“Every social media interaction reveals our search for connection.” ~ René Carrillo
Consistency is something I’ve always admired, and honestly, struggled with. I hear about people who run, meditate, work out, every single day for YEARS! I find their stories both aspiring and deflating, since I do not operate that way. This is how it goes for me: I usually get excited about an idea, work on it for several days, and then I stop. The best example is when I encounter a show or movie I enjoy, I go all in. In addition to binge watching all the seasons, I read about the creators, origin idea, characters, locations, trivia, etc. And then when I am done with that, I lose interest in the show or movie and find it difficult to return once a new season or sequel appears. Recently I finally decided to do something about improving my consistency.
At about the same time I made this decision, I also started to get more involved in Twitter. I had heard about its mix of helpful and toxic environment, but I decided to give it a try. So far, I have found it to be more beneficial than harmful, as long (and this is the key) as you can filter out the negative chit chatter. One of the comments hit me hard. It said that if you want to get better at Twitter, you must tweet original ideas consecutively for a whole year, in order to create the habit. I have been on Twitter since 2011, but only posting about events I attended, or commenting or liking on others’ tweets.
My immediate response to posting original tweets for one year was “no freaking way!” and “That’s too much of a commitment!” But later I started to reconsider. I told myself that since a tweet must be 280 characters or less, it’s actually a very doable goal for me. One of my goals is to write blog posts like this one more regularly. Writing tweets would be a good warm up. I also want to improve on being consistent, so this is a perfect way to do that too. So, on May 30, 2020, @renecarrillo wrote his first original tweet.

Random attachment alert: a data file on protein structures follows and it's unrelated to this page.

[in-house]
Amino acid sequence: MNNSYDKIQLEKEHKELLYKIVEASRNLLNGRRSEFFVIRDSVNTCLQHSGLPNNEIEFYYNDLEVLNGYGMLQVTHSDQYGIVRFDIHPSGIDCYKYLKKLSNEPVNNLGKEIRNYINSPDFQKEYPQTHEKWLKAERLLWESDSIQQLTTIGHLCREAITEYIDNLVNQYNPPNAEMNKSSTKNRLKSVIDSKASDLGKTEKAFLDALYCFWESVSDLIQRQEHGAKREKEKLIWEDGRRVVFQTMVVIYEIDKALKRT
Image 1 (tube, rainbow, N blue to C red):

I must confess that I was very hesitant to press the “Tweet” button. “Who wants to read my thought?” crossed my mind. But once I convinced myself that this was for the greater good, and I pressed the button, I felt liberated, like I had broken through a mind barrier! Whatever happens, now my thoughts are out there, in the Twittersphere and beyond! The following day I tweeted again, and the fear was less. I continued to do this for one week, then one month. Some days I would post more than once. Then, around tweet #50, I realized that I had maintained the habit of writing down ideas, editing the essence, and then posting them. I felt good about reaching this stage, and that is when I decided to modify my original goal. Instead of tweeting for a year, I decided a quantity of 100 Tweets would meet my goal of consistency and clarity.